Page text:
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CircCentral--The World's Largest Online Circumcision

Circumcision knives

          circumcision knifeRussian circumcision knifeThis silver filigree knife was my first purchase.  It was listed as Russian, circa 1900.  The blade is stamped "84" and "AC."  The handle is inscribed with three Hebrew letters:  zayin, dalet, and shin.  The seller was from Poland.

Ivory circumcision knifeIvory circumcision
            knifeThis knife on the right has an ivory handle.  It was listed as a "very old circumcision knife."  The blade is steel.  The handle has a Hebrew inscription that is hard to read.  I think it spells brit milah.  The seller was from Poland.

Old circumcision knifeThis knife has some similarities to the last one.  Its handle is also ivory.  The blade is iron and brass.  The seller listed the knife as Polish, either 18th or 19th century.

Polish Circumcision Knife, Gilt and
                FiligreeThis is a stunning Polish silver circumcision knife.  The markings are early 19th century.  The silver-gilt cylindrical handle is adorned with filigree.  There is a foliate finial.

              Swedish Circumcision KnifeThe circumcision knife on the left, sold by a Scandinavian antiques dealer, shares some traits with the knife above.  The close-up photo below it highlights the beautiful gilding and filigree work.  The knife is likely Swedish, from the 17th or 18th century. 

              Swedish Circumcision Knife, Close-Up

Circumcision knife filigree
                18th centuryTo the right is yet another exquisite knife with a filigree handle.  The knife is likely Polish and from the early 18th century.

              knife 19th Century Central EuropeThis is a 19th century circumcision knife from Central Europe.  The handle is made of agate, and the blade is of forged steel.  The finial and bolster are silver. 

Although the other knives on this page have double-sided blades, this knife's blade is sharpened on just one side.  The agate handle makes this knife a bit heavier than the others.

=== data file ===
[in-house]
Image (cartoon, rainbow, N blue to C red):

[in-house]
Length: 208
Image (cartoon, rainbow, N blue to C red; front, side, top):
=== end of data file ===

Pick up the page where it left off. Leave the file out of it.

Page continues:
A Brooklyn auction house listed the knife below as a "very old circumcision knife, most likely Sephardic in origin."  I was told the handle is gilded silver.  On two sides of the handle are Hebrew inscriptions which are too worn to read.  On the other two sides are floral decorations.
                circumcision knifeSephardic circumcision knife

              circumcision knife and shieldI discovered that a different auction house sold what appears to be the exact same knife (along with a shield) six months prior.  In that listing, the knife was described as brass, Eastern European, mid-19th century.  Interesting!

1950s circumcision knife1950s circumcision knifeThe knife on the right was listed as a "1950 miniature mohel knife from a well-known factory in Israel."  The original silver plating has worn off the handle.  The handle has a manufacturer's mark.  The blade is marked "stainless."

CircCentral H. Pape circumcision knifeTo the left is a circa 1890 circumcision knife.  Its handle is mother-of-pearl.  The knife is marked on the handle:  H. PAPE/*ACHFL.  It has a fitted case. 

Addendum:  A kind person wrote to me about her shochet (butcher) knife marked with the same inscription.  A little  research revealed that this knife is from H. Pape Nachfl., a company that was located in Memel, East Prussia (now Klaipeda, Lithuania

Grunewald knife CircCentral
                collectionTo the right is a knife from Grunewald, likely from the late 1800s.  It has a steel blade and an ivory handle.  There isn't much information available regarding Grunewald.  If anyone has a reference for this company, please contact me.

Underneath and to the left are two similar knives from other collections.   The first is another knife from Grunewald and shows the knife blade prior to repeated use and sharpening.  This knife is pictured on the Phisick website.  Phisick is a wonderful collection of medical antiques.   The second knife is from J. & D. Miller in New York.

Grunewald knife Phisick collectionJ & D Miller knife

The 1920s sign below is at the National Museum of American History (Smithsonian, Washington, DC).  Joseph and David Miller displayed the sign in their knife shop at 25 Canal Street, New York City.  The circumcision knife and shield are at the top left.  The other knives are for poultry and cattle slaughter.
                knife sign

Here's a lesson:  because the knife below resembles a circumcision knife, a Swedish antiques dealer contacted me.
                paper knifeSwedish paper
Intrigued, I purchased the knife from him.  Once I received the knife, I noticed a few things that seemed out of place--the embossing on the blade and the rounded corners of the blade where it meets the handle.  These are not typical of circumcision knives. 

I posted a photo on a knife discussion forum and quickly received an answer from knife expert Bernard Levine.

This is a Swedish paper knife, used in the 1800s and early 1900s to fold letters and cut open the pages of new books.  It is a substantial knife, 7-3/4 inches long, with a nice ivory handle.  The embossing, worn with age, is a nice, intricate design.

I'll sell it if someone is interested.  Please contact me at
CircCentral at yahoo dot com

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Copyright 2006-2014, Robert Lehrer, MD